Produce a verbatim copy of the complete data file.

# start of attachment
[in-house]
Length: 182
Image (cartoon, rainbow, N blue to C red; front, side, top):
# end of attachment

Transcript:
[in-house]
Length: 182
Image (cartoon, rainbow, N blue to C red; front, side, top):